Apple Shares Cybersecurity Breach Report Amid Push for Encryption

The tech giant wants more people to use its optional security feature.

David Lumb Mobile Reporter
David Lumb is a mobile reporter covering how on-the-go gadgets like phones, tablets and smartwatches change our lives. Over the last decade, he's reviewed phones for TechRadar as well as covered tech, gaming, and culture for Engadget, Popular Mechanics, NBC Asian America, Increment, Fast Company and others. As a true Californian, he lives for coffee, beaches and burritos.
Expertise smartphones, smartwatches, tablets, telecom industry, mobile semiconductors, mobile gaming
David Lumb
2 min read
A phone with a giant key on its display sits on top of an Apple laptop.
Angela Lang/CNET

A new cybersecurity report commissioned by Apple paints a dire picture of consumer data leaked through breach after breach. In this climate, the tech giant is nudging users to activate the Advanced Data Protection feature for iCloud it introduced a year ago, which end-to-end encrypts most data uploaded to and sent between Apple's apps and devices.

Cybersecurity breaches of company systems that expose consumer data are on the rise, says the report, which was written by MIT information technology professor Stuart Madnick -- 1.1 billion personal records were exposed in 2021, which has grown to 1.5 billion records exposed in 2022. Malefactors are increasingly using "vendor exploitation attacks" to infiltrate businesses through other businesses they've partnered with or the software systems provided by vendors.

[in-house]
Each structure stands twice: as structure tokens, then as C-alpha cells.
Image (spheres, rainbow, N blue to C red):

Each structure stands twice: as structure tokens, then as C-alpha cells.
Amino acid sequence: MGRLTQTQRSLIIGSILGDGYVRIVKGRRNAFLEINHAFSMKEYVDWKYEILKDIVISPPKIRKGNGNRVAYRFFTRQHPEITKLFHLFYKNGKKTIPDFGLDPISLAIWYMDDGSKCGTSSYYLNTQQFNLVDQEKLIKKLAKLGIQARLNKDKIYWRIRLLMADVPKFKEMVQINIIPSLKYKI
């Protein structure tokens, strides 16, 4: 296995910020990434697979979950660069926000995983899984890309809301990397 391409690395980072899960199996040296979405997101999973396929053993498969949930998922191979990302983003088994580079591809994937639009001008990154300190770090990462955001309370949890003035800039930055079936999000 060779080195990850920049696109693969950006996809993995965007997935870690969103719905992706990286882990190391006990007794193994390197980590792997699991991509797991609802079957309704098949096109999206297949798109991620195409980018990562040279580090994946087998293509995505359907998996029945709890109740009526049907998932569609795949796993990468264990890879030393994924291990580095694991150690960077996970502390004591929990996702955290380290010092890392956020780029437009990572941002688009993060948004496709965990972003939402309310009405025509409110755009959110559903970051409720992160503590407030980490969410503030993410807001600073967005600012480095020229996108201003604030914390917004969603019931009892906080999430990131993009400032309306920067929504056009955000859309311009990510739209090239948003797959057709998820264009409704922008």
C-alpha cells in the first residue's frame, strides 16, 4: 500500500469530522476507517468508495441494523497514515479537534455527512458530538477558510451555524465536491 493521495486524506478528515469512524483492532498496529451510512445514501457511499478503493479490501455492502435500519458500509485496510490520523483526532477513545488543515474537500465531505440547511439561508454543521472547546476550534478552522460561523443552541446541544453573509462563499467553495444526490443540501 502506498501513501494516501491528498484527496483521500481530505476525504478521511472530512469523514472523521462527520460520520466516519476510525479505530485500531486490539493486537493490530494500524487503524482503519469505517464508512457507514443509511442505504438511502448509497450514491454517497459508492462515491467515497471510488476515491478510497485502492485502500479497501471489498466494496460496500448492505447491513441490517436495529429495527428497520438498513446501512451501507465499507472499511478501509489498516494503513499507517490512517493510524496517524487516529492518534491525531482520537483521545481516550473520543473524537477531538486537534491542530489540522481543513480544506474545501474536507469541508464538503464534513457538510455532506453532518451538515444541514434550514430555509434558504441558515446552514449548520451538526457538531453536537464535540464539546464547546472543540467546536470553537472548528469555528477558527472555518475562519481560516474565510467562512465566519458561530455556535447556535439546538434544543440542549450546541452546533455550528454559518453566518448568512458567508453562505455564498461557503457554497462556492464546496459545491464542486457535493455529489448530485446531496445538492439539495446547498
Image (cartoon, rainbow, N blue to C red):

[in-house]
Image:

The Advanced Data Protection feature doesn't explicitly protect users from these breaches; rather, Apple is urging owners of its devices to use the feature to keep their personal devices from being vectors of attack and exposure. Turning it on is easy on iOS: open the Settings app, tap on your iCloud account, tap iCloud, then tap Advanced Data Protection and follow the instructions to set up account recovery options -- you'll need them once end-to-end encryption is activated for more data categories.

Watch this: Apple's New iCloud Encryption Changes Everything

iCloud already protects 14 sensitive data categories including health data and passwords in the iCloud keychain through end-to-end encryption. Advanced Data Protection is an optional feature that adds seven additional protected categories for a total of 23, including iCloud backups, Notes and Photos.

Apple declined to state how many users have activated Advanced Data Protection.

The Electronic Frontier Foundation, a digital privacy advocacy group, lauded the Advanced Data Protection feature for protecting consumer data -- especially for encrypting iCloud backups, which had been potentially exposing user information.